Objectives This study aims to describe the mortality risk of children in the community who had severe acute malnutrition (SAM) defined by either a mid-upper arm circumference (MUAC) <115mm, a low weight-for-height Z-score (WHZ) <-3 or both criteria. Methods We pooled individual-level data from children aged 6–59 months enrolled in 3 community-based studies in the Democratic Republic of the Congo (DRC), Senegal and Nepal. We estimate the mortality hazard using Cox proportional hazard models in groups defined by either anthropometric indicator. Results In total, we had 49,001 time points provided by 15,060 children available for analysis, summing to a total of 143,512 person-months. We found an increasing death rate with a deteriorating nutritional status for all anthropometrical indicators. Children identified as SAM only by a low MUAC (<115mm) and those identified only by a low WHZ (Z-score <-3) had a similar mortality hazard which was about 4 times higher than those without an anthropometric deficit. Having both a low MUAC and a low WHZ was associated with an 8 times higher hazard of dying compared to children within the normal range. The 2 indicators identified a different set of children; the proportion of children identified by both indicators independently ranged from 7% in the DRC cohort, to 35% and 37% in the Senegal and the Nepal cohort respectively. Conclusion In the light of an increasing popularity of using MUAC as the sole indicator to identify SAM children, we show that children who have a low WHZ, but a MUAC above the cut-off would be omitted from diagnosis and treatment despite having a similar risk of death.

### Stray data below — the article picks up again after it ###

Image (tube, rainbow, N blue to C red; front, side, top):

Bibliographical noteFunding: The authors received no specific funding for this work.
Competing interests: The authors have declared that no competing interests exist.
We would like to acknowledge the principal investigators of the original studies: Jan Van den Broeck for the DRC cohort, Michel Garenne for the Senegal cohort, and Keith West for the Nepal cohort. The DRC study was supported by the Centre de Développement Intégrale–Bwamanda, and funding was provided by the Flemish Inter-University Council (Vlaamse Interuniversitaire Raad), the Belgian Administration for Development Cooperation, and the Nutricia Research Foundation. Catherine Schwinger is affiliated to the Centre for Intervention Science in Maternal and Child Health (CISMAC), which is funded by the Research Council of Norway through its Centres of Excellence funding scheme (project number 223269), the University of Bergen (UiB), Norway.